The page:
I’m a consultant. So an easy answer would be, “It depends.”
My real answer is more nuanced: only look ahead far enough to see some significant issue and a plausible way to resolve it. If you want to get better, practice looking ahead in the context of your work and its established rhythms and natural cycles.
If your organization doesn’t value planning and you want to look ahead, start by taking small steps. The reason to look ahead is to check for some pre-work or preparation that is likely to save time or money.
If you are a tech lead, try looking ahead in the context of release planning. See what architecture risks you spot (or new design requirements) as new features are scoped. Take notes on what you are concerned about. Spend some time speculating on what you should be doing architecturally to support the next release. Have a conversation with a trusted colleague about your concerns. Identify concrete follow-on activities specifically targeted at addressing your biggest concerns.
If you are an agile developer, you may not want to look further ahead than the current sprint. If you aren’t already doing so, try some iteration modeling for a couple of hours at the beginning of an iteration. Grab a handful of related story cards for a new feature and sketch out some design ideas. Draw sequence diagrams on a white board. Jot down class or component responsibilities on CRC cards. Noodle around. Give yourself the luxury of exploring with your co-workers how things might work. Don’t expect a final design, just a plausible one that will be fleshed out and revised as you implement those stories.
If your organization tends to look too far ahead, take actions to personally shift your focus away from endless planning. Winston Churchill said, “It is always wise to look ahead, but difficult to look further than you can see.” Looking too far ahead is also a big waste of time. Remedy this time suck by limiting the scope of what you plan for. Find opportunities to build and measure things.Learn to perform small experiments, make small decisions, communicate your results and move things along.
Colleagues and co-workers I’d classify as over-eager forward-looking designers typically build up comfortable infrastructure they think will be needed as a matter of course before they settle in to the programming task at hand. A good indicator that they’ve gone overboard is how others react to their work. One unhappy forward-looking architect remarked recently, “Not many people appreciate what I am trying to accomplish.”
You may not be aware that you look too far ahead. One indicator: you view most programming tasks as an opportunity to build or try out a cool new framework or create your own special DSL. (If you are part of an infrastructure team, then, fine, that is your job. Don’t embellish your creations. And make sure others can actually use your stuff.) If you are an application developer, nudge yourself towards refactoring and finding abstractions through concrete scenarios. Hold yourself back from writing speculative code.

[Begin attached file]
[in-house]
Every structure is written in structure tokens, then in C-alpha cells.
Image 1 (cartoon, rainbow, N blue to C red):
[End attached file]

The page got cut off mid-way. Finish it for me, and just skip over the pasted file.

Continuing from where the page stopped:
I look to my colleague, Joe Yoder, as someone who takes a balanced approach when creating infrastructure or suggesting novel architectures. Joe likes to build flexible, adaptable systems, in particular Adaptive Object-Model architectures. He has years of experience doing this. He’s enthusiastic when opportunities come up to build these kinds of systems, but knows that this architecture style isn’t a good fit for every rapidly changing system. And he doesn’t build every part of such a system this way; only the parts that require extensive, ongoing customizations.
How far do you look ahead? Do you think you’ve found a good balance?
I look ahead in several directions. If I can remove a dependency or remove a roadblock in some way then I’ll do that. One benefit might be that other resources could be added to the project more easily. I think its good to think ahead to the interfaces of the code in development and define those boundaries. This might be simply defining the layers of the tech stack and persisting data as soon as possible so other components that need that data could be developed.
I like the idea of thinking ahead enough to develop a “walking skeleton” as Alistair Cockburn describes it, http://alistair.cockburn.us/Walking+skeleton. He didn’t invent it and others have popularized it but I first heard of it from him. This is very useful to show progress, define interfaces and allow concurrent development more easily because it removes dependencies.